Roy Halladay Is Not the Antidote to Halting the New York Yankees' Title Defense

Bleacher ReportSenior Analyst INovember 22, 2009

ANAHEIM, CA - MAY 6:  Roy Halladay #32 of the Toronto Blue Jays throws a pitch against the Los Angeles Angels of Anaheim at Angel Stadium May 6, 2009 in Anaheim, California.  (Photo by Stephen Dunn/Getty Images)
Stephen Dunn/Getty Images

We have been subjected to every theoretical trade scenario under the sun since Roy Halladay was rumored to be available via trade last season.

There are dozens of hypothetical deals that send an entire farm system worth of players in exchange for Halladay and his contract, which expires after 2010. 

National League clubs see Halladay as the key to defeating the New York Yankees in the World Series.

American League clubs are of the opinion that not only can Halladay help them in the playoffs, but acquiring him can stop the Yankees from getting far enough to defend their title. 

No matter where Halladay is traded, if a deal does occur, the team that gains his services will have to negotiate with him for a new contract.

Halladay has said that he will offer an exclusive negotiation window for whatever team he is dealt to, and the team will have to work a new contract within a short amount of time before the deal goes dry. 

The newly re-emerging rumors that multiple teams have been in contact with the Blue Jays regarding the ace are great for rumor mills, but I don't think the supposed deals on the table are worth the cost of the 32-year old.

Let me just say that I'm not trying to devalue Halladay's ability.

He is the best pitcher in the junior circuit and still has a number of years with top-notch production remaining in his right wing. 

But the team that brings him on board has to have other top-of-the-line pitchers to aid him, because his arm alone will not win a World Series. 

The team that gets him needs to be committed to throwing him three times in a seven-game series, because unless you have the plan to ride your big gun through it all, then it's not worth selling the farm system for him. 

We found out in the World Series between the Phillies and Yankees that the key to winning the championship does not lie in one pitcher. 

Yankees' manager Joe Girardi laid out a three-man rotation, anchored by C.C. Sabathia, and stuck to it. 

Girardi also had the benefit of free agent signing A.J. Burnett and the seasoned veteran Andy Pettitte to support the workhorse Sabathia. 

Charlie Manuel, on the other hand, was hesitant to outline a definite postseason rotation, and his decision to not bring back his ace, Cliff Lee, on three days rest was catastrophic. 

Manuel's decision was complicated by the less than impressive season turned in by former ace Cole Hamels and the lack of a solid third starter to rely upon.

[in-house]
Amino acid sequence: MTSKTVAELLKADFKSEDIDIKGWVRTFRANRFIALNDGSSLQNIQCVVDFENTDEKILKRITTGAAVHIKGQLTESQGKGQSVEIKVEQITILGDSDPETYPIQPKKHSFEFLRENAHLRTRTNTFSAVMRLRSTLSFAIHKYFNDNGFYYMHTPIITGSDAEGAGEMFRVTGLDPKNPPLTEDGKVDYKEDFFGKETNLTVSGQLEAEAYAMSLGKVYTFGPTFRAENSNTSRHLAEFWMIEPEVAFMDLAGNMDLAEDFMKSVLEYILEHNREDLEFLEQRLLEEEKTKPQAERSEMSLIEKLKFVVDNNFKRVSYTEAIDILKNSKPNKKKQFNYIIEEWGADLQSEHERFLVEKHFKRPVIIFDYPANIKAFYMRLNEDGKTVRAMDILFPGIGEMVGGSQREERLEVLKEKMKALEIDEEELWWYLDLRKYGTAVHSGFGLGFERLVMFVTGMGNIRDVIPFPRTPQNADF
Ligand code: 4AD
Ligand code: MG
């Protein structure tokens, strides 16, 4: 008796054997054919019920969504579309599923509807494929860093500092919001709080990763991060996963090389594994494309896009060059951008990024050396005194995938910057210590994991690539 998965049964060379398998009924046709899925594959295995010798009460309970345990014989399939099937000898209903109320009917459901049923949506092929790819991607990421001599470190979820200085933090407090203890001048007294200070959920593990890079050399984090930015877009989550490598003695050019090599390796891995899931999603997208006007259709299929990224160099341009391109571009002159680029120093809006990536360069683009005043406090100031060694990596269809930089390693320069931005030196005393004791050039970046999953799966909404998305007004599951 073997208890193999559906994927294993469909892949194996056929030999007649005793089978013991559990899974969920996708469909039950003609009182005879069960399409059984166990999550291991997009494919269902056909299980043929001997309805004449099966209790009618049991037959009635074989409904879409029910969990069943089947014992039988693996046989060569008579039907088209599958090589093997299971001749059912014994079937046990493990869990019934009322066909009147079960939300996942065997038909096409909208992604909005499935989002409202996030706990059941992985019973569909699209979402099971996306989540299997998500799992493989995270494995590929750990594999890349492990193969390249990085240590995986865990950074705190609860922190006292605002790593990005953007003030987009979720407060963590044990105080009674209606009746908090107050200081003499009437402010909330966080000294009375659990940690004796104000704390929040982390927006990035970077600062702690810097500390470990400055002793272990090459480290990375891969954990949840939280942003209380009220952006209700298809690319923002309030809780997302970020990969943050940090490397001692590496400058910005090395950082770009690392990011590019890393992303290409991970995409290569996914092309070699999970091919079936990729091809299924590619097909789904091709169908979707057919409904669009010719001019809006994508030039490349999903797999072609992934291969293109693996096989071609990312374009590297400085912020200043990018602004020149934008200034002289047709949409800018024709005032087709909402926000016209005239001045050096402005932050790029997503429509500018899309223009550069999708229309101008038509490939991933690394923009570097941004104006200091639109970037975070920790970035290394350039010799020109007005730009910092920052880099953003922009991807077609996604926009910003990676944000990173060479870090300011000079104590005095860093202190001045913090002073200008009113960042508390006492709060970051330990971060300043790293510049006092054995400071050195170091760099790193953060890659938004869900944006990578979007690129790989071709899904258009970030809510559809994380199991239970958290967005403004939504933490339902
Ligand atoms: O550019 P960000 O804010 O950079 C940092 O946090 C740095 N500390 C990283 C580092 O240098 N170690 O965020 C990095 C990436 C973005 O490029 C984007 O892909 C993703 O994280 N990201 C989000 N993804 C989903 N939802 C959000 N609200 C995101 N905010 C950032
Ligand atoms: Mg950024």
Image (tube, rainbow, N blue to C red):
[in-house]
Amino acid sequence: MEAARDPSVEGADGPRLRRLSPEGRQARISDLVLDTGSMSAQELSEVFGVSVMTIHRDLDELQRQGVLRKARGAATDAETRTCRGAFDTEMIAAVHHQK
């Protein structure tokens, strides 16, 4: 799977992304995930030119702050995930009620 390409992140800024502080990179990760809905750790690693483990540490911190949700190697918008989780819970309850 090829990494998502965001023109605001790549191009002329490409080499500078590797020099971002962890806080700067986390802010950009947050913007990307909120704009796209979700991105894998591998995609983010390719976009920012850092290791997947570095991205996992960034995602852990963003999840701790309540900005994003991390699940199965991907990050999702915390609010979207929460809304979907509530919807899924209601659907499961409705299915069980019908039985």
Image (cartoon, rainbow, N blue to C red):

By not committing to his ace, Manuel put Phillies in a poor position for Game Seven had they made it that far.

If the Phillies had managed to force a Game Seven, they wouldn't have had Lee available for the epic finale because he was used in Game Five instead of Game Four.

The decision made by Manuel relegated his ace virtually useless, and without the backup of one or two top-end arms in the starting rotation, it made the acquisition of Lee a moot point. 

What I'm saying is there is no good done in trading for Halladay if you don't have a quality staff to back him up. 

Even more troubling is that trading for him will require either jeopardizing your future or destroying your current roster. 

Halladay has stated that he only wants to go to a winner, and that makes a trading a lot more restrictive for the Jays. 

It develops into a catch-22 because whatever chips are exchanged for him can't significantly hurt the team he is going to because it might devalue the team to the point that Halladay doesn't want to pitch for them. 

That leaves the other option, which is sending an army of top-end prospects for Halladay. 

Sure, it sounds tempting to put all of your eggs in one basket and go for broke in 2010, but you can't run an organization in that manner. 

Sending a litany of top-prospects to the Jays may sound tempting, but just ask the Seattle Mariners how their trade for, at the time, ace Erik Bedard worked out.

Bedard has battled injuries for the past two seasons while Adam Jones, the main player traded for Bedard, enjoyed an All-Star season that he recently capped off with a Gold Glove award. 

Now, clearly Halladay is a much higher-caliber pitcher than Bedard, but the point to take away is that the Mariners stunted the future growth of the team by sending away the talented centerfielder Jones. 

In my opinion, whichever city acquires Halladay will be sorely disappointed when he is unable to deliver a World Series title by himself and then the organization is left with little in the bank of their farm system. 

There is, however, one daunting exception that could place Halladay in an elite rotation. 

If Phillies general manager Ruben Amaro can secure the Doc to go along with Lee and Hamels, the Phillies will then have that scary top-three rotation to ride throughout the postseason just like the Yankees did this past fall. 

And as a Dodgers fan, that scares the life out of me. 


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